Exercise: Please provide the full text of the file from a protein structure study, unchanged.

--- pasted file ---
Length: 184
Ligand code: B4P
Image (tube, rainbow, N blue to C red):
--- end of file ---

Length: 184
Ligand code: B4P
Image (tube, rainbow, N blue to C red):